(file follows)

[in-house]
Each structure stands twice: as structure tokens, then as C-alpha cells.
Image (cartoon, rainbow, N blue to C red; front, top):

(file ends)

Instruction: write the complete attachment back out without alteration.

[in-house]
Each structure stands twice: as structure tokens, then as C-alpha cells.
Image (cartoon, rainbow, N blue to C red; front, top):